Interested bystander hopes SAG is back with open mind

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SAG president Alan Rosenberg's immediate predecessor applauded the AFTRA agreement Wednesday and said she hopes its terms aren't rejected out of hand by SAG negotiators.

"I think any opportunity for us to keep this town working is a good thing," said Melissa Gilbert, whose tenure as SAG's top elected officer included an unsuccessful push for a SAG-AFTRA merger. "I will be anxious to see how SAG handles it going forward. They were pretty quick to shoot down the DGA deal, (so) it will be interesting to see what happens now."

Essentially, AFTRA won increases in Internet compensation and other areas similar to those secured by the DGA and the WGA and also got the AMPTP to dial down a demand that actors' consent no longer be required for the reuse of film and TV clips.

Gilbert, who recently agreed to write her memoirs for publication in spring 2009, will soon relocate to Minnesota for the summer. She will appear in a musical adaptation of the classic frontier-family TV series that launched her career, "Little House on the Prairie," at the Guthrie Theater in Minneapolis.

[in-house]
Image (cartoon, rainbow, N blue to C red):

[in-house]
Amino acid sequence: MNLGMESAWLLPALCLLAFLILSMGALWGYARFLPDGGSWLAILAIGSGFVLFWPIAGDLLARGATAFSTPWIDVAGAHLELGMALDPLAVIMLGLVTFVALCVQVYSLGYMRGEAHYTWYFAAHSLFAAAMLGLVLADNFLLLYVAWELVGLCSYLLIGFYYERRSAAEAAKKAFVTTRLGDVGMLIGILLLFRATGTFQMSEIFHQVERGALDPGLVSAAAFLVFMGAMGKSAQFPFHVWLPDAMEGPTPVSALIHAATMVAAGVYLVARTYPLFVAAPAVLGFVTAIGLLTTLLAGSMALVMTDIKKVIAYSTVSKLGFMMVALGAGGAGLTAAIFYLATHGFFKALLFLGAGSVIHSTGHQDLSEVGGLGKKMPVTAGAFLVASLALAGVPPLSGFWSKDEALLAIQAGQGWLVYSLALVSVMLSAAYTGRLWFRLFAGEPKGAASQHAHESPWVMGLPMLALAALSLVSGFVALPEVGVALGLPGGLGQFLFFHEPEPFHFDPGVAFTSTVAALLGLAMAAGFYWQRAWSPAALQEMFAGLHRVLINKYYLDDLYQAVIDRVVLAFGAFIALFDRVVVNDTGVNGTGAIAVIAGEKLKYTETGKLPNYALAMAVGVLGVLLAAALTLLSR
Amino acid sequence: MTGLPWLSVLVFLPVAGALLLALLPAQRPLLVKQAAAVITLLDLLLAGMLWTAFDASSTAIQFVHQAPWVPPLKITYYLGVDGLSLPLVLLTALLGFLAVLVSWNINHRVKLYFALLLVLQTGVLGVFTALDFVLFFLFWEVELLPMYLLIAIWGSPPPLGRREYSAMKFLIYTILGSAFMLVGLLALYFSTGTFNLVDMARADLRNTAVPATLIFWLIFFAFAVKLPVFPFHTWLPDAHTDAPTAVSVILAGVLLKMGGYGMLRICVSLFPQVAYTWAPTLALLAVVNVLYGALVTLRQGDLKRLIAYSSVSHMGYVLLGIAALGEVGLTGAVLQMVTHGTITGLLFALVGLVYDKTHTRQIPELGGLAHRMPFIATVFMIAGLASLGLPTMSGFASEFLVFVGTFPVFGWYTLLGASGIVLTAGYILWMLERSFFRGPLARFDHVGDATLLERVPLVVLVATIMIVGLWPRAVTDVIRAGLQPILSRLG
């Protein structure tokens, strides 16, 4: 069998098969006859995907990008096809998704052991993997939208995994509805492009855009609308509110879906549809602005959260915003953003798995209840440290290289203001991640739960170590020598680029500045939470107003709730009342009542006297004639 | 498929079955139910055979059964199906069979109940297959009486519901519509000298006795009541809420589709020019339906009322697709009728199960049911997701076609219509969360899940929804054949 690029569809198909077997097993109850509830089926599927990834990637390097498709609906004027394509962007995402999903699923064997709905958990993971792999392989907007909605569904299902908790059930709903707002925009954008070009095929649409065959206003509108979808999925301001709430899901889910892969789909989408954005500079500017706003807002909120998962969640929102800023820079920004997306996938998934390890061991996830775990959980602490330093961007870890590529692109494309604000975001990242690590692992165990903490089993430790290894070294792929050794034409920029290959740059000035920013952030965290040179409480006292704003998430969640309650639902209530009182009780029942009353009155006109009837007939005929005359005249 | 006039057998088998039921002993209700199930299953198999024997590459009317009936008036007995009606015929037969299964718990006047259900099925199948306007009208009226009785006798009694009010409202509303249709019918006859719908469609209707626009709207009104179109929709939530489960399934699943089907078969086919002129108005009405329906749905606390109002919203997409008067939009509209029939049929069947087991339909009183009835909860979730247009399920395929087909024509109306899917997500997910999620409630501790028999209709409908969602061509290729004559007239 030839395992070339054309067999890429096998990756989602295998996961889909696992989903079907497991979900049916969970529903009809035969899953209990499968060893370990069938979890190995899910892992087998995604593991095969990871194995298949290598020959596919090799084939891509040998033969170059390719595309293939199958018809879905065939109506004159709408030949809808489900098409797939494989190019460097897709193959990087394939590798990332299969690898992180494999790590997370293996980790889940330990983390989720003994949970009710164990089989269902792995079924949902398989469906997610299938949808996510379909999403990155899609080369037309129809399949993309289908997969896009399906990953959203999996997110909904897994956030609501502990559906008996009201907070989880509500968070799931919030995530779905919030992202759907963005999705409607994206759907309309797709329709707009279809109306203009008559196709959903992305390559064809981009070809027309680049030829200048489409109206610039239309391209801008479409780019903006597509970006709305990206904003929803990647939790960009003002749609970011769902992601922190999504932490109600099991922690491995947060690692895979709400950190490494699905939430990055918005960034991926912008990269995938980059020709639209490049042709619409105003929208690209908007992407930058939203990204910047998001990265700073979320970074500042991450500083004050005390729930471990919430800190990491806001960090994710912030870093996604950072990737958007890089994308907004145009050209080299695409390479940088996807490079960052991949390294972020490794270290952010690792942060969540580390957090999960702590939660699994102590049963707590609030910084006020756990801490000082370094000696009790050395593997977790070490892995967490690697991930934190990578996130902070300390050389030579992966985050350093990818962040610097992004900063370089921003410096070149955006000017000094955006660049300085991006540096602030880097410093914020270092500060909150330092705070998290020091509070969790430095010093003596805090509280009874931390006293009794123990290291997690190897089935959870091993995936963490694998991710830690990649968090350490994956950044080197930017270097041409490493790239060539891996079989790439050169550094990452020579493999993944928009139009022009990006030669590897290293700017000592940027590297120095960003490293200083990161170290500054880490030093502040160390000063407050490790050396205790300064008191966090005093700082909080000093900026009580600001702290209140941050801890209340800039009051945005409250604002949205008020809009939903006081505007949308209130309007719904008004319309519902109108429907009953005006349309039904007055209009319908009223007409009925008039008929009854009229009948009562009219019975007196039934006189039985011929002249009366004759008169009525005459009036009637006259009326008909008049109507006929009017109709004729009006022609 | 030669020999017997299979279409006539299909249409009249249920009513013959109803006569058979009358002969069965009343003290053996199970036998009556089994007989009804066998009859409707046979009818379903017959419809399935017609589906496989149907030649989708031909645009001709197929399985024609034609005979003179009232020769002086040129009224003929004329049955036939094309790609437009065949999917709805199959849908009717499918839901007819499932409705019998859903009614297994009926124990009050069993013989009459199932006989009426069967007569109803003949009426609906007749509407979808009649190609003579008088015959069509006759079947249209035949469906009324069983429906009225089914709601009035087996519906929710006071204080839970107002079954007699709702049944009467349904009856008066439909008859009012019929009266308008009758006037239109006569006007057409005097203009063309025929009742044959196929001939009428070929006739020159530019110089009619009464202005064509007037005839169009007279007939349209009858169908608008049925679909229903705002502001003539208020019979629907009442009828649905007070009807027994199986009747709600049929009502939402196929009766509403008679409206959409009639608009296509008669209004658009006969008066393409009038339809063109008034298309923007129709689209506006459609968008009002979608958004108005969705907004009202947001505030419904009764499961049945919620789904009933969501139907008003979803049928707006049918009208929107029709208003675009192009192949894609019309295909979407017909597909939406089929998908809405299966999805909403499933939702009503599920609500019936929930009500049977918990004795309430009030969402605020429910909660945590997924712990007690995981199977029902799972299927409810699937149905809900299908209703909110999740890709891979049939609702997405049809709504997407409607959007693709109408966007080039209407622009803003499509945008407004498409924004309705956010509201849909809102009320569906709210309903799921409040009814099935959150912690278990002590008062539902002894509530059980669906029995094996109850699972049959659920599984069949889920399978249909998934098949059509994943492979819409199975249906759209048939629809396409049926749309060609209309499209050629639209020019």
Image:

Gilbert said she hadn't seen many details of the AFTRA agreement but added that she thought AFTRA negotiators seemed to secure a fair pact.

"I know it was very hard-won, and there are extreme opinions on both sides, between AFTRA and the (AMPTP) and between SAG and the AMPTP," she said. "The consent issue was a hot one, and it was also a very sexy issue. But it was a very dangerous game the AMPTP was playing there for a while."

Gilbert added that she hoped the issue had been effectively resolved, as AMPTP negotiators return their attention to talks with SAG — which, like AFTRA, has a contract expiration date of June 30.

"They don't have a lot of time," she said.
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